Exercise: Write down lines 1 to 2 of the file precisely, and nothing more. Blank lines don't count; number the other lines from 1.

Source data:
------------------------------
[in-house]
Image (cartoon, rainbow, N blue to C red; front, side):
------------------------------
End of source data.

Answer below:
[in-house]
Image (cartoon, rainbow, N blue to C red; front, side):